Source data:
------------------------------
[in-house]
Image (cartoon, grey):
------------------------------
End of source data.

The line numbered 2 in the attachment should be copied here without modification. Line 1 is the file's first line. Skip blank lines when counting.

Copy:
Image (cartoon, grey):